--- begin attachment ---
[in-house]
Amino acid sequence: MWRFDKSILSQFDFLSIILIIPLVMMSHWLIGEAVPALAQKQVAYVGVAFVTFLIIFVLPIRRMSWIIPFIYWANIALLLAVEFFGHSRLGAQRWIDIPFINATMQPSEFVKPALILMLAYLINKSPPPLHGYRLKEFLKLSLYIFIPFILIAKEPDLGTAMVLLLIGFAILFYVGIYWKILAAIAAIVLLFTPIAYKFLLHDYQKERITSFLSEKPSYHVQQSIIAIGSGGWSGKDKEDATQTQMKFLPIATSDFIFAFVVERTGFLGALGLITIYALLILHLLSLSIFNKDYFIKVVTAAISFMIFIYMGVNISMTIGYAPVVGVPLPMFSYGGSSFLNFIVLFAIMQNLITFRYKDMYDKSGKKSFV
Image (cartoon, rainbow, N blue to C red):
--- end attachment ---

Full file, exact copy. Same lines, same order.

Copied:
[in-house]
Amino acid sequence: MWRFDKSILSQFDFLSIILIIPLVMMSHWLIGEAVPALAQKQVAYVGVAFVTFLIIFVLPIRRMSWIIPFIYWANIALLLAVEFFGHSRLGAQRWIDIPFINATMQPSEFVKPALILMLAYLINKSPPPLHGYRLKEFLKLSLYIFIPFILIAKEPDLGTAMVLLLIGFAILFYVGIYWKILAAIAAIVLLFTPIAYKFLLHDYQKERITSFLSEKPSYHVQQSIIAIGSGGWSGKDKEDATQTQMKFLPIATSDFIFAFVVERTGFLGALGLITIYALLILHLLSLSIFNKDYFIKVVTAAISFMIFIYMGVNISMTIGYAPVVGVPLPMFSYGGSSFLNFIVLFAIMQNLITFRYKDMYDKSGKKSFV
Image (cartoon, rainbow, N blue to C red):